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Veterans gaining control in Congress; 92 vets elected so far and counting

The U.S. Capitol Building in Washington, D.C. (Dreamstime/TNS)
November 10, 2022

Congress is set to have more veterans in its next session, not fewer, for only the third time in five decades of steady decline.

A total of 92 veterans are set to serve in the 118th Congress that convenes in January, according to midterm election results available Wednesday afternoon, Military Times reported

That’s one more veteran than the 91 – the fewest since at least World War II – who convened the current Congress. And the number has room to climb. 

Veterans are favored to win in at least five undecided midterm races, according to a Thursday afternoon comparison of New York Times’ election results and Military Times’ list of veteran candidates. 

The still-undecided races are in Maine, California, Arizona, and two districts in New York, including one where both candidates are veterans.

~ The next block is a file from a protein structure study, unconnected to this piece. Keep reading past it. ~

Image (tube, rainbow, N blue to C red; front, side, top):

Of the 92 Congress-bound veterans, 79 were elected in the midterms and 16 were newly elected this year.

“While this seems like a moderate uptick, it represents a profound and very positive shift in America’s relationship with its veterans,” said Seth Lynn, founder of the non-profit Veterans Campaign, which studies veterans in public office.

“Having veterans in Congress has been shown to significantly affect how the country conducts foreign policy,” Lynn added. “Military experience is especially crucial as the world is becoming increasingly dangerous and complicated.”

Military experience in Congress has been steadily declining since around 1970, when 71 percent of representatives and 81 percent of senators were ex-military, according to Pew Research Center. But 2015 saw an increase of four veterans, and 2017 saw an increase of three, Military Times reported.

The drop has correlated with an overall decline in military service after the military went all-volunteer in 1973.

The dip in elected veterans isn’t the only trend at play. Veterans being elected to Congress now are younger than they used to be, Lynn told Military Times, adding that many elected this year served in the Iraq and Afghanistan wars.